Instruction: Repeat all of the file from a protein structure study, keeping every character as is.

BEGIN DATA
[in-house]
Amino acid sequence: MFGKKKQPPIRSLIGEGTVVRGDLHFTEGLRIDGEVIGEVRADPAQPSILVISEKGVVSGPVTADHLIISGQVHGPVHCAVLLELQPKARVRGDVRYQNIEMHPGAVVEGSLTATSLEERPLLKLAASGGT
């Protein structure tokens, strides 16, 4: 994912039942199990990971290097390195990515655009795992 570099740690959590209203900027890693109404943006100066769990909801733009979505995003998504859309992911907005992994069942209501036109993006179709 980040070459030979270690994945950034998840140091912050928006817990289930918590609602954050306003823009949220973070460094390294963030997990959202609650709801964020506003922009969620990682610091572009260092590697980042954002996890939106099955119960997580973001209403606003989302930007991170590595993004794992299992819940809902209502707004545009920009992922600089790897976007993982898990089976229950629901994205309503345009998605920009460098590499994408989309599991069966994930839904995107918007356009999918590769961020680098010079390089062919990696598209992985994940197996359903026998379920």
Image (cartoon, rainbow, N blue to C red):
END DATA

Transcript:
[in-house]
Amino acid sequence: MFGKKKQPPIRSLIGEGTVVRGDLHFTEGLRIDGEVIGEVRADPAQPSILVISEKGVVSGPVTADHLIISGQVHGPVHCAVLLELQPKARVRGDVRYQNIEMHPGAVVEGSLTATSLEERPLLKLAASGGT
């Protein structure tokens, strides 16, 4: 994912039942199990990971290097390195990515655009795992 570099740690959590209203900027890693109404943006100066769990909801733009979505995003998504859309992911907005992994069942209501036109993006179709 980040070459030979270690994945950034998840140091912050928006817990289930918590609602954050306003823009949220973070460094390294963030997990959202609650709801964020506003922009969620990682610091572009260092590697980042954002996890939106099955119960997580973001209403606003989302930007991170590595993004794992299992819940809902209502707004545009920009992922600089790897976007993982898990089976229950629901994205309503345009998605920009460098590499994408989309599991069966994930839904995107918007356009999918590769961020680098010079390089062919990696598209992985994940197996359903026998379920």
Image (cartoon, rainbow, N blue to C red):